What parents say...

“We also had a parent’s meeting at his school earlier this week.  I am pleased to say that his maths teacher was very impressed with not only his work, but also his attitude toward it.  I can only say that this is because of the wonderful service you and your colleagues have given.  Thank you so much for this.  Ellis is really enjoying his time with you and also seeing how well he is doing and this has resulted in a positive attitude towards learning.” James (parent) 2021
James Hannon
We were super happy with your approach and B settled in so well. She looked forward to the tutoring and got a lot out of the sessions. Without a doubt her confidence has grown and I wouldn’t hesitate to use I Love to Learn again in the future. Many thanks, Cat
We are Super Happy!
“Dear Howard Thank you so much for all these lessons you’ve been giving me!  They really have improved my work at school and now I can put all your help to good use with my SATs.  Thank you so much for everything! From Lewis”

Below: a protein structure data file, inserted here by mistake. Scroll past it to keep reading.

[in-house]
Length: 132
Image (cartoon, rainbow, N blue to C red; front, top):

Lewis (student)
She is a quiet girl and I was concerned that her poor spelling was not being corrected.  When she saw the progress Bella was making in such a short time, I enrolled her for Maths as well!   It has transformed her thinking and she now has the self-esteem to ask questions in both numeracy and literacy.
Ms R Temple
Thank you for all your support with our son, Thomas. His hand writing, spelling, maths and reading is progressing beautifully. I would highly recommend your setting to anyone who wishes to give their child a boost or to work on specific learning goals. It has been invaluable. All your tutors are warm, welcoming and professional and Thomas is always made to feel valued. Positive praise and lots of stickers, stamps, rewards, prizes and certificates give that extra special touch to reward and recognise the children’s efforts. Thomas is certainly always proud of his achievements from your centre.
Laura (Thomas’s mum)